President Francois Hollande pledged more than a year ago to slash
red tape holding back construction, hoping to bring within reach an
oft-repeated promise to build 500,000 new homes a year.
But property developers complain that government measures since then
have even discouraged home building and say they simply cannot make
houses at prices would-be buyers can afford.
There's no shortage of demand: Charity Fondation Abbe Pierre
estimates that some 3.5 million people in France are without a roof
of their own or inadequately housed.
According to statistics agency INSEE, household investment -
primarily in real estate - slumped 2.6 percent in the first quarter
from the previous three months. That was the biggest drop since the
2008 financial crisis and brought household investment to its lowest
"Falling household investment is really starting to weigh on
growth," said Francois Payelle, head of the French Property
Developers Federation. "What was a marginal subject has now become
sensitive in macroeconomic terms."
With the government counting on economic growth this year of 1
percent, any slack in housing investment puts an added onus on
companies and consumer spending to keep the recovery on track.
Developers put about 350,000 properties on the market last year, far
below Hollande's target and extending the list of unfulfilled
promises by the Socialist president, whose poll ratings are mired at
record lows for a modern-day French leader.
No meaningful pick-up is expected this year after a soft first
quarter. "Given the demand, we should be able to put a lot more
houses on the market, but we can't," said Payelle.
For him, new housing regulations that recently took effect have made
a bad situation worse, with additional restrictions on rents and
other rules putting off would-be investors and buyers.
A new law that allowing government officials to set rent limits in
cities of over 50,000 people has spooked investors, who fear lower
rents will make their properties unprofitable.
Developers also say local authority rules on parking places,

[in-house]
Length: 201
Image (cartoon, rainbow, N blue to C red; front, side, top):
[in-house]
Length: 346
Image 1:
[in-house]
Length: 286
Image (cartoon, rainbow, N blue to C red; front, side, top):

apartment sizes and how many floors buildings may have also stop
them being able to build the properties people want or need.
SUPPLY AND DEMAND
A 30 percent jump in prices over the last decade has made home
ownership impossible for many even though the market has cooled over
the last two years. Prices fell 1.4 percent in the first quarter
compared with a year before, data from INSEE show.
Figures from the OECD suggest prices relative to household income
are now less affordable in France than in Britain, where the central
bank has warned of a potential housing bubble.
The government acknowledges that building norms need to be eased.
New Housing Minister Sylvie Pinel has promised to deliver a list of
50 measures next month to cut red tape.
"Boosting supply is a way of reacting to the housing crisis that
many French people are living, encouraging lower prices and
breathing new life into the building sector," Pinel said.
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With housing starts down 17.6 percent in the three months to
end-April from a year ago, the situation has become urgent, the
Housing Ministry said on Tuesday.
"It's worrying. It's a sector that's missing out on the recovery,"
said IMF mission chief to France Edward Gardner, adding that prices
remained too high to encourage investment.
The building slump contributes to French unemployment stuck above 10
percent. Some 122,500 construction jobs - 8 percent of the workforce
- have been shed since the financial crisis.
Developments in the French housing market also influence shares in
real estate developers like Nexity <NEXI.PA>, Kaufman & Broad <KOF.PA>
and construction groups Bouygues <BOUY.PA>, Vinci <SGEF.PA> and
Bank of France Governor Christian Noyer has pointed out that
housebuilding is falling short even though France ploughs more
public money into the sector than any other developed country
through a range of measures to encourage home ownership.
"It's a valid question whether these policies have only led to
higher prices rather than construction," said Gardner.
Record low interest rates as the euro zone struggles to recover from
its debt crisis - caused in some countries by the popping of huge
property bubbles - have helped keep mortgage lending buoyant,
although March saw a small decline.
French banks usually refuse mortgages that will saddle a borrower
with monthly payments greater than a third of their income, a policy
Noyer says has kept default rates manageable.
Longer-dated mortgages have allowed French households to borrow
more, although most have lower debt than in countries such as
Britain. Bank of France data shows household debt has risen to a
record 84.8 percent of gross disposable income.
Economics professor and real estate expert Michel Mouillart sees few
options left for the sector short of allowing smaller deposit
payments than the 20-25 percent usually required.
"If we want to revive construction without using more debt or more
public aid, all you have to do is make the French rich," Mouillart
(Editing by Catherine Evans)
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